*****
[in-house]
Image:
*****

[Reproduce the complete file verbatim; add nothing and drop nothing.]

[in-house]
Image: